Whatever you think about Kanye West and Drake – and there is a lot to think – both know how to put on a hell of a show. They did that last week, squashing their endless beef by performing a show together in Los Angeles as a benefit to free the incarcerated Larry Hoover (though, as Stereogum noted, neither said a word about him onstage). And as part of that show, Kanye’s first since 2016, they not only performed together; they covered each other’s songs while the other watched.
Adia Victoria – On and On (Erykah Badu cover)
Adia Victoria recorded this powerful Badu cover for the National Suicide Prevention Lifeline. She said of the time she discovered the song, “I was looking for something that was bigger and deeper and felt more warm than the idea of a Christian God. And I dove into my imagination. And the first time I heard ‘on and on’ it felt like Erykah Badu was waiting for me to be her there.”
In the Spotlight showcases a cross-section of an artist’s cover work. View past installments, then post suggestions for future picks in the comments!
Jamie Cullum is a jazz artist with fluency in the crossover to pop. He has won and been nominated for jazz-specific and more general awards alike, collecting a Rising Star British Jazz Award and most recently a Radio Academy Award for his BBC Radio show. He also scored a nomination for a Best Original Song Golden Globe, for “Gran Torino.” Admittedly, 2005 was a bit of an awkward year when he won both the BBC Jazz Award for Artist of the Year and the Worst British Male award from the parody Naomi Awards. Showing perseverance, Cullum won the Ronnie Scott’s Jazz Award for Best British Male two years later.
Many of Cullum’s covers come from two “Song Society” albums, where he challenges himself to create a new take on a song in an hour, allowing for a lot of creative improvisation to shape the end product. The songs chosen include new hits on the pop charts as well as some throwbacks and standards. Other covers are sprinkled throughout his original albums as well. Here we take a sonic journey through a handful of his covers that both show his range as an artist and span original genres and decades. This doesn’t even cover (ha) his whole jazz cover album Interlude, so if you are a jazz cat, check it out.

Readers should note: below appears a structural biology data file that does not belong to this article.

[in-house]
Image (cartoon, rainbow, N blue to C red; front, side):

P.S. Fun fact: Cullum is married to Roald Dahl’s granddaughter. If you are a Matilda, BFG, Willy Wonka, or Witches fan, there is even more of a reason to read on.
Alt-J, Grouplove, more – Shelter from the Storm (Bob Dylan cover)
AURORA – Across the Universe (The Beatles cover)
The first of a couple Beatles covers this month, AURORA’s “Across the Universe” doesn’t reinvent the wheel, it just removes a few spokes. The Norwegian singer-songwriter strips everything away but keys and a bunch of voices (there’s a guitarist too, though barely audible). It’s all the song needs.
Two of the albums on this year’s list have similar titles: This Is Not Our Music and These Are Not Mine. Clever titles for collections of cover songs, sure, but misleading. Not your music? Why not? Songs are anyone’s for the singing. Even if a song’s lyrics or chord sequence didn’t first spring from a certain performer’s brain, that doesn’t mean he or she has any less claim. The great cover performers make the songs theirs, no matter whose they were before.
The twenty records below each contain numerous examples of artists doing just that. The songs may not have started out as these artists’ – but they are theirs now.
– Ray Padgett, Editor-in-Chief
Start the countdown on the next page…